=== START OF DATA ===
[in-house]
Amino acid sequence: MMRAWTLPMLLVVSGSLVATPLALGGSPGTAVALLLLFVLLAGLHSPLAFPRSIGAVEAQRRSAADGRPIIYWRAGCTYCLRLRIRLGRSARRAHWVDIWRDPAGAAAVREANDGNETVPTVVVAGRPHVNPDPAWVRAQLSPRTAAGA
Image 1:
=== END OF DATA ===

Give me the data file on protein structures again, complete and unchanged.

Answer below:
[in-house]
Amino acid sequence: MMRAWTLPMLLVVSGSLVATPLALGGSPGTAVALLLLFVLLAGLHSPLAFPRSIGAVEAQRRSAADGRPIIYWRAGCTYCLRLRIRLGRSARRAHWVDIWRDPAGAAAVREANDGNETVPTVVVAGRPHVNPDPAWVRAQLSPRTAAGA
Image 1: